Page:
Slack notes that based on the increased activity on its Web sites, the number of interviews its managers are conducting and the number of candidates in the pre-contract process, 2004 has the potential to beat the companys record numbers set in 2002. Slack adds that 2003 was a record year for general agent appointments, so its capacity to hire new agents will be greater in 2004.

New York Life estimates its recruiting efforts to be 3% over last year. Of those new recruits, 80-85% of them are new to the business, says Michael Burson, vice president, agency department at New York Life, New York.

Looking ahead, Burson is optimistic about 2004s recruiting prospects, but he doesnt attribute a turnaround in the economy as a driving factor. “The economy doesnt really make a difference,” he says. “If you have the right opportunity for the right people, theyll make the right decision.”

Burson says New York Life also has increased its capacity to hire new recruits, by adding 30 more agency managers over the past year. “It all starts out with quality managers,” he says.

Fundamentally, the formula for successful recruiting and retention hasnt changed for 40 years, says Maury Stewart, a former general agent now an executive consultant in Philadelphia.

The formula Stewart used and has seen in place in successful agencies involves getting back to the fundamentals. Career agencies must have a marketing and sales process, as well as some type of mentoring program. General agents must develop arrangements between new and experienced producers, so the new agent will learn early on the right things to do, he says.

“Its a combination of factors,” adds Cuff. “It begins with recruiting the right type of candidate. Once you bring them aboard, its about training, coaching and mentoring.”

Companies are keying in on these fundamentals and making them part of their value proposition to new recruits.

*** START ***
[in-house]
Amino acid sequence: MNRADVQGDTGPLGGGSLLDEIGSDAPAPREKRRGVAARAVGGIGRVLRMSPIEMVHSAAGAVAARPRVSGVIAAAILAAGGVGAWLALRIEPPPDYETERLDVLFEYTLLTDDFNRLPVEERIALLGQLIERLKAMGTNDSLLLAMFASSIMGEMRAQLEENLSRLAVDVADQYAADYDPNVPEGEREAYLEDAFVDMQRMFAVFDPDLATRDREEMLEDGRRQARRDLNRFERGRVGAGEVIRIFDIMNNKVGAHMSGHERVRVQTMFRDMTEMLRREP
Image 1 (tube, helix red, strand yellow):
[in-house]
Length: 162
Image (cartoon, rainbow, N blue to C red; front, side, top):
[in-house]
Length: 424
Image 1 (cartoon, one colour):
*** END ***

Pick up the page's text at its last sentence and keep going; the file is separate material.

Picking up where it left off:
At Guardian, rather than recruit inexperienced producers, get them licensed and throw a phone book at them expecting them to make 300 calls a day, the company offers new agents an opportunity to be part of a sales team in an advanced marketing firm business model, Slack explains. For new agents, this includes an agent contract that is salaried, rather than based solely on commissions. “Career changers are very leery about a commissioned sales opportunity,” he says. “Our contract provides some financial stability, compared to a typical financing program.”

New York Life puts a great deal of emphasis on the idea of “being in business for yourself, not by yourself,” and supporting that theme through the mentoring opportunity available to new agents. The program New York Life uses was designed and promoted by GAMA International and the Million Dollar Round Table. “We have over 1,350 mentoring teams at New York Life,” says Burson. “When we bring someone new into the industry, we do a lot of hand holding and helping through the MDRT mentoring program.”


Reproduced from National Underwriter Life & Health/Financial Services Edition, December 19, 2003. Copyright 2003 by The National Underwriter Company in the serial publication. All rights reserved.Copyright in this article as an independent work may be held by the author.